Modern Geekery

Getting Lost in the Expanse

One of the disappointing things I have learned about Science Fiction through the years is that it is more fiction than science. Gravity (or the lack of) is hard to deal with in space. Explosions cause debris that can be destructive. Technology is not this magic cure all for everything. Then you find out that there is an entire sub-genre for Science Fiction that tries to stay grounded in actual science: Hard Science Fiction. While good examples of hard science fiction are less abundant, thankfully we have a current one that most seem to agree is also high quality entertainment: The Expanse.

I didn’t originally start watching The Expanse when it came out – but I kept on hearing so much hype (thanks again, Katrina) that I gave it a try after the third season. I was hooked. The first few episodes use Hard Science Fiction to create realistic problems where the stakes feel real. Let’s face it: sometimes Hard Science Fiction can be a tedious to watch or read. That is probably why it is not more popular. But The Expanse shows that Hard Science Fiction can also be riveting. An explosion in space creates deadly debris for other ships, and that its not just one quick fix to survive. Suspense over whether they will make it or not keep the story moving.

Where the modern remake of Lost in Space stumbles for me is in how they create danger for the characters. New aliens, new rules of science, mistakes made by people just create the same problems over and over again. The Expanse handles this much better, even though it is technically using things like equipment malfunctions and mundane routine tasks gone awry half the time as well. I know – it doesn’t sound logical. But The Expanse makes realistic problems for people to deal with that doesn’t come across as just throwing problems up for the sake of creating problems for another episode.

Of course, it helps that a lot of the problems they utilize are due to the complex political world they have created. The fact that Mars, The (Asteroid) Belt, and the Outer Planets have formed distinct political entities that are now starting to fight each other to gain autonomy is done in a way that feels realistic and familiar to our present problems. Throw in a lot of attention to hard science details about how humans would live on other planets, moons, and asteroids (and the dangers they would face), and it creates a constant series of realistic problems that doesn’t feel forced.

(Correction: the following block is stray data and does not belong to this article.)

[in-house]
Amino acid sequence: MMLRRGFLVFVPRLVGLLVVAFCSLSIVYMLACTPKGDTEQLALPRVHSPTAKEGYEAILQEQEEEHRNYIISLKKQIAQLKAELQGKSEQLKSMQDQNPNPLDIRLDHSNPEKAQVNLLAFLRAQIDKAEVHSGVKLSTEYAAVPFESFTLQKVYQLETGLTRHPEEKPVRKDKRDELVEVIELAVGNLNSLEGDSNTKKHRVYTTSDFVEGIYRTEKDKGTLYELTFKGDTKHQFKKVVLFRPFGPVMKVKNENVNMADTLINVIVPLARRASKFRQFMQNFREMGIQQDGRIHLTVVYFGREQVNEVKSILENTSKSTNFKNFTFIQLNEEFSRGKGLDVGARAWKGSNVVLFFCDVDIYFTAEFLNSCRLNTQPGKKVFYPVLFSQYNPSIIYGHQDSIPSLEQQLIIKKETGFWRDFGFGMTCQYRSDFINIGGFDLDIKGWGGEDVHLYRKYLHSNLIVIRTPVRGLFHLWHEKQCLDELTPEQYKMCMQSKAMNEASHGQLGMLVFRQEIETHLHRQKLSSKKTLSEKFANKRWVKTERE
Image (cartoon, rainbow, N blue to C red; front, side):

The one place the series does “cheat” a little bit on Science Fiction is in the creation of new space ship technology that allows them to fly faster between planets. However, they do acknowledge there was a long time before this breakthrough happened where space travel took a lot longer (and they made a great episode that looks back at how this break through was achieved). I’m not really sure if this speed increase is even possible in reality, so that is why I kind of call it a “cheat.” Maybe its not – I’m not sure. But they handle it well. They still stick with their own rules on how long travel takes (unlike Game of Thrones) as well as how dangerous that extra speed can be if they push it too fast (unlike Star Trek).

The real strength of The Expanse is in the characters. To call them complex is an understatement. However, you soon find yourself rooting for some of the toughest, most morally gray ones in the bunch once you get to know them: Drummer, Bobby, Christian, Amos, Klaes, Naomi… there are so many great characters (well written and acted) to love for different reasons.

You also can’t help but notice that the show strives for cultural representation as it dives deep into political issues of cultural assimilation. You also see some massive effects of climate change destruction as a background to the settings of the show (illustrated from the beginning of the series by being simulated in the opening credits). They don’t shy away from taking a political stance while still exploring the complexities, problems, and intersections of these stances. Not always perfectly, but I’m glad to see a series that doesn’t shy away from difficult topics just because they are difficult (while not slipping into being controversial just for the sake of being controversial). We need more shows like this in Science Fiction.

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